As readers of this blog will know, I often try to connect the topic of football to current events; indeed, if football shirts can in any way be involved, it is all to the good. Given that the modern world often throws out absurdities on a daily basis, there is no shortage of odd current events topics to respond to. Recently, in the U.S. state of Utah, a young high schooler was slammed for wearing a prom dress. Indeed, you read that correctly. A prom dress has now become grounds for slamming in the modern world. Apparently, the issue was that “On April 23, 18-year-old Twitter user Keziah, who is not Chinese, posted pictures of herself wearing a cheongsam, or qipao – a traditional Chinese dress – for her prom”. Whilst prom dresses are certainly not my specialty—nor are they anywhere near my area of interest at all—this issue demonstrates a real problem in the modern world. While I will not go into the idiocy—and rage—which was elicited by a high schooler’s dress choice (some of the rage and vitriol can be viewed here), there are some interesting points of discussion raised by this incident (although you wont find them in the main (lame)stream media).

What is “cultural appropriation”? What does it even mean? As a marginal sociologist, I have—indeed—heard the term, and one recent news story cites the term as originating in, sadly, the discipline of sociology. Michael Levin explains that:


The term cultural appropriation is borrowed from sociology – itself a dubious academic discipline to begin with. The term means that people from a majority culture are borrowing aspects of minority culture without the permission of those minority members.


Indeed, absurd terms like this are—sadly—making Sociology as a discipline more and more dubious. It is not a definition of Sociology that I want to agree with, since I believe Sociology can make real contributions in the modern world, but—like Hannah Arendt—I must admit that I take issue with the discipline of Sociology for this very same reason. The job of Sociologists should not be to divide people or spread hatred; rather it should be to spread light on the human condition and—in a humanist manner—attempt to seek understanding (Indeed, Max Weber’s concept of Verstehen is in line with this position). Yet, modern sociologists prefer to descend deeper and deeper into an oddly anti-intellectual cesspool.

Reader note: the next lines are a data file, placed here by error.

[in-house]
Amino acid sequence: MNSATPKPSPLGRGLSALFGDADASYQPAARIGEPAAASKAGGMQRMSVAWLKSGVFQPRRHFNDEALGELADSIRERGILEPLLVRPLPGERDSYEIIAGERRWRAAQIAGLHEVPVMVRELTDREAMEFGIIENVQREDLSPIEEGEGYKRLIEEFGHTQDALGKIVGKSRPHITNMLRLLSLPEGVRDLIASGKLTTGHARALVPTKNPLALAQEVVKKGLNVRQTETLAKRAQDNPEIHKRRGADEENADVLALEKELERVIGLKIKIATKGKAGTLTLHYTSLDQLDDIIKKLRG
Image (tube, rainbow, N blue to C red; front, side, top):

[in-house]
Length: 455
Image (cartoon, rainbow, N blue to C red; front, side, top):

When I first heard of the “cultural appropriation” debate surrounding the dress controversy, my mind went back to an odd experience I had in a Sociology seminar a few weeks back. At that point the topic of discussion was not “cultural appropriation”; rather we discussed a similarly dubious (in my mind) “sociological” term: “colorblind racism”. I really do not know what the term means; I look at people as people, and am more concerned with an individual’s moral character, qualities like loyalty, courage, trustworthiness, bravery, and intelligence, rather than something as banal as their skin color. So I asked a student what the term “colorblind racism” meant. With the typical attitude that only a social justice warrior could have, I got the response “Well . . . the minute you actually believe black and white people are equal . . . that is color blind racism”. To this I just stared blankly; there was no response I could have short of laughing (and that would have been disrespectful to my colleague).